When it comes to turkeys, there are really two distinct kinds, explains Brock Stein.
“I would also say that they can really have one of two personalities: They can be really nonchalant, or they can be kind of aggressive,” says Stein, the vice president of strategic development at Koch Farms. “I would say that groupthink would be the psychological term for them. They travel in packs, so when one gobbles, the whole place gobbles—that’s how I think of it!”
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Stein knows a lot about turkeys. He is now the fourth-generation of family members to work at Koch’s Turkey, a farm his great-grandfather started in 1939. Though he’s worked at the farm in varying capacities his whole life, Stein has assumed a full-time role since April, when he graduated from the University of Pittsburgh.
This being Thanksgiving week, we spoke with Stein about the family business, and we traveled to Koch’s Turkey farm to see where the beloved holiday staple comes from. There is, it turns out, a lot more that goes into turkey farming than you probably think.
How big is your farm, and how has it grown?
When my grandfather took over in 1953, they started with about 1,600 turkeys. Now, we process upward of 850,000 turkeys a year, and we’ve done as many as a million a year.
Raising turkeys is a family business. From left to right: Beth Koch Argall (3rd generation), Brock Stein (4th gen.), Pamela Koch Williams (3rd gen.), Lowell Koch (2nd gen.), Elizabeth Koch (2nd gen.), Barbara Koch (3rd gen.), & Brandon Koch (4th gen.)
Koch’s Turkey (aptly pronounced “cuck”, like “cluck”), was started by Emma & Roscoe Koch and has grown from just a handful of turkeys in 1939 to some 850,000 in 2014.
What’s one of the misconceptions people have about farming?
I’d say the number one confusion people have—whether it’s my friends from college or people from the community—is that they don’t know that there’s a lot of business in farming, especially on a larger scale. I think when people hear the word farming, then they think of guys with hay in their mouths wearing overalls! The reality, however, is that agribusiness is a very serious and competitive industry—there are just so many moving pieces you always have to be on top of.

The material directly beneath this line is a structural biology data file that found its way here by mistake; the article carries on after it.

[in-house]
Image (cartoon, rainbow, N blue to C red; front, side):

Deep in the heart of rural Pennsylvania, surrounded by state recreation land and rolling hills of corn rows and tree farms, turkeys grow year round on the farm in Tamaqua, population 7,100, in Pennsylvania’s Lewistown Valley.
In a small family run business, moms run the test kitchen. Turkey is served daily year round, here by Pamela Koch Williams.
How is business over the course of the year?
In the last 10 years, I would say it’s consistent demand with a huge spike at Thanksgiving. We probably derive about a quarter of our sales from Thanksgiving. Christmas and Easter are also popular times, but there’s more growth recently around Easter than Christmas.
How have you seen Americans’ consumption of turkey change?
I would say overall the turkey industry has higher demands than I had ever noticed before. It’s nothing drastic yet, but certainly it’s growing. It used to be a thanksgiving food, but now it’s popular all year round.
A lot of chefs and restaurants are subbing turkey for other meats because it’s naturally 98% fat free, and it’s the healthiest, leanest meat. In terms of quality, consumers are definitely looking for more certifications. We’re certified humane, and we have a certified organic line, which is non-GMO verified. I’d also say that non-GMO is our biggest priority for 2015. That seems to be the biggest thing we hear from our customers—are we non-GMO?
Some 6,000 Bronze turkeys in each house strut their stuff in more spacious accommodations, twice the free ranging area as compared to the industry standard. Koch’s is the number one producers of “Bronzers” in the U.S., a leaner, meatier bird.
How long does it take for a turkey to mature?
We buy the baby turkeys from different hatcheries, depending on the product line. We’re responsible for them from the time we get them until the time they get to the grocery store.
It takes about three to five months for them to mature, depending on the size you’re looking for. When I say we process 850,000 turkeys, I mean that we own two farms independently, and they’re separate from each other. We then use about 25 other grow-out farms that are run by independent farmers who send their turkeys to us. We have people in the field who make sure those farms are complying with our regulations and with our internal quality assurance guidelines. All those turkeys together, the ones that leave our processing facility, total 850,000.
What’s the biggest turkey you’ve ever seen?
They can grow up to 50 pounds. I think that the biggest turkey we’ve ever had here was 55 pounds. I believe that one went to a restaurant in New York. The average size of a whole turkey is somewhere around 18 pounds, but 10 to 24 pounds is our most popular size range.
Once housed where offices now stand, the farm store was relocated to more austere seasonal digs in the front yard to handle the massive influx of locals who pick up really fresh turkeys for their holiday meals.